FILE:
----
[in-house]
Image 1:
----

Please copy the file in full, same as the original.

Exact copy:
[in-house]
Image 1: